I just laid my baby boy down for bed on the eve of his first birthday.
One year. One full trip around the sun.
Wasn’t I just complaining about my back hurting from the weight of his sweet body in my belly? Did I not just meet him for the first time and contemplate… again… the utter miracle of birth and life? Did I not just clean the hospital cafeteria out of chocolate no-bake cookies in my ravenous post-partum state?!
How does this continue to happen? This breakneck speed of life that seems to occur in the early days of raising little ones. (Although I readily admit some days feel like an eternity.)
The basis for scientific time says each year contains the same amount of days, minutes, seconds as the next.**
Science is a liar.
And a jerk.
Surely I am not the only one who feels as if each year speeds by more quickly than the last. As if someone must be stealing a day or two off of each one? Is somebody with me? Anybody?
I vividly remember my dad telling me in my youth not to wish my life away. I didn’t understand his wisdom until years later. In replaying his advice in my mind, I silently pray for the ticking of the clock to slow just a bit. Just enough to drink in one more breath of my 11.9 month old before the sun rises and we enter a new phase. One more evening of rocking him before bed because those precious days are numbered.
This blog couldn’t be more appropriately named. Here I sit, intently focused on the never ending tick-tock and the reminder that the moments are passing more quickly than I would like. To be brutally honest, the weight of the click…click… click can feel suffocating at points. If the pressure produced anything positive, I’d roll with it. But I’m slowly starting to learn from experience that my death grip on the present can suck the life out of the moment.
So, in taking sage advice from those who have parented before me, I work to lessen my grip. And breathe. To release the burden and weight that comes with parenting. And life in general. We’ve been barraged with messages of living intentionally and making the most out of each moment. Important points, no doubt. But it can be exhausting if you’re not built to do certain things in moderation. Apparently I am not built to do certain things in moderation. Like stressing about the passing of time. Or having babies. Back to my five desserts analogy from the previous post. Yikes.
My desire is to regard the passing of time, even the poignant one year milestone, as the start of a new opportunity. To let each passing moment bring with it another chance for sweet, unexpected joy from these little monkeys that have invaded my home and squandered my sanity. How am I doing this, you ask?
Wine. And lots of it.
I kid, I kid.
In all seriousness, I’ve found three things to help me as I work towards being less of a ‘time gripper.’
#1 “Train up a child in the way he should go; even when he is old he will not depart from it.” Proverbs 22:6. I think of this verse when I’m white knuckling the moment, killing the present with my concern over that stupid clock tick. Because I never, and I use that word seldom, N E V E R, improve the situation with the white knuckles. I freak out, stress out and create general pandemonium in my household. In recalling this verse, I remember I’m wanting to teach God’s instruction and guidance to my kids versus the white-knuckled freak-out technique. Fascinating as this technique may be, I’m fairly certain it holds no true value as a skill.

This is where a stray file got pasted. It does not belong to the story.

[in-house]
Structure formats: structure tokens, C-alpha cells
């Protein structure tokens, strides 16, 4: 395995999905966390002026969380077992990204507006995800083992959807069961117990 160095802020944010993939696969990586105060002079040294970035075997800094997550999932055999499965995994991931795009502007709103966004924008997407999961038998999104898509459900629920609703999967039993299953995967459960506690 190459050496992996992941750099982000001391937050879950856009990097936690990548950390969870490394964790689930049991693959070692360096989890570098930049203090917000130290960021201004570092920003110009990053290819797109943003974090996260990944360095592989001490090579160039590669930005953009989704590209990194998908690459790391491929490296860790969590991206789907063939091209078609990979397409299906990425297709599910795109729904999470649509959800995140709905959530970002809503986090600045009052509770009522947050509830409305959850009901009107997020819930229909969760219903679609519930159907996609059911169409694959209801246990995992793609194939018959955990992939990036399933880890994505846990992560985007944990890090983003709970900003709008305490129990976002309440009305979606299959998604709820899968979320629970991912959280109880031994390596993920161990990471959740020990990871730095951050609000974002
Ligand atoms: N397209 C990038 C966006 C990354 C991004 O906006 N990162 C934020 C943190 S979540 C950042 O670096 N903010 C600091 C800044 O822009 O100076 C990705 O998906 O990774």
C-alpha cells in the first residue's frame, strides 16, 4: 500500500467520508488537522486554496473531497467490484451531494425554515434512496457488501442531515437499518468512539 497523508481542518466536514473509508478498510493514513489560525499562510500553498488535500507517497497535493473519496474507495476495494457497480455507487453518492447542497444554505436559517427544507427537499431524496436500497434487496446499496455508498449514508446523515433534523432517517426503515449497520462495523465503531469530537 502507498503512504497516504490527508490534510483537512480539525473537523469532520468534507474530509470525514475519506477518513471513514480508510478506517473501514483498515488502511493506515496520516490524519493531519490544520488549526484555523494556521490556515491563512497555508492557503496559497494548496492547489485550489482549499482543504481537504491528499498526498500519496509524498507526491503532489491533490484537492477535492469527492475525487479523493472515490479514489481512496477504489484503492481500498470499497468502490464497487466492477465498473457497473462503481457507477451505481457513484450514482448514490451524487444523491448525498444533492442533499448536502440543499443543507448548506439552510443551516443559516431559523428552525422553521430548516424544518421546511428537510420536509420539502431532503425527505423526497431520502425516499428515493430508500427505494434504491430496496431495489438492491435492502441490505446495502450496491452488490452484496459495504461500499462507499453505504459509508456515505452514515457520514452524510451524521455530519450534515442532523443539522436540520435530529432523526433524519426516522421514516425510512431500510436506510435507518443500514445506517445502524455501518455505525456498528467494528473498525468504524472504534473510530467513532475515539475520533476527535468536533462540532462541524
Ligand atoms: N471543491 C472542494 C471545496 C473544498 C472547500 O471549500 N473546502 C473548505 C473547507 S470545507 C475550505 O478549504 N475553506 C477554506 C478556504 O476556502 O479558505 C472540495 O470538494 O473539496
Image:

#2 Stay in touch with other moms. A lot. And then some more. Listening to other moms talk about their fears over parenting and the passing of sweet time lessens the ‘I’m on an island’ feeling that only makes my clock tick more loudly. I’ve been abundantly blessed with GREAT girlfriends. If you don’t have some, find some. Mom groups, small groups, Bible studies, book clubs, gym buddies, room mothers, cooking class, Ducks Unlimited, Fly Fishing Mamas. I. Do. Not. Care. Just find some and make a conscious, consistent effort to listen and share. It will help. Promise.
#3 Plan for spontaneity. Sounds like a bit of an oxymoron, right? Think of it like this. Have you ever made a fantastic, ‘couldn’t-burn-it-out-of-your-head-even-if-you-do-have-four-kids-and-very-little-sense’ kind of memory when you forced a situation?
We WILL do this event and we WILL have fun!
How enjoyable are those activities? Ours are always a nightmare and I wind up praying for mercy five minutes into the event. On the flip side, our simplest, most mundane moments often elicit real joy. Because I have lessened the grip and stepped aside long enough for my kids to relax and be precious kids. As for the planning, in busy households you might have to plan and set aside time to do…… nothing. Just to sit in the backyard and chat long enough for the fireflies to arrive. Or to pour over a book long enough to learn that your seven year old knows how to properly identify a venomous vs. non-venomous snake bite. Good information to know, I suppose. And I wouldn’t have learned it had I not planned to just sit down and shut up. So, if you’re like me, I want to tell you in the kindest way possible….just sit down and shut up.
So there you have it. My initial steps on what will undoubtedly be a loooong process to modify my innate reflex to experiencing my children growing older. I’d love to hear your ideas on lessening the grip and quieting the clock. I need all the help I can get.
And tomorrow, please say a prayer for me. While I’ve improved a bit in the ‘white knuckled/freak out’ area when it comes to milestone birthdays, the ‘extended family in one space’ department could use some work.
If you want to read more about the other areas of my life that need extreme, abundant overhaul, please consider following my blog.
**Yes, yes, smarty pants friends…I know that Leap Year is the exception;)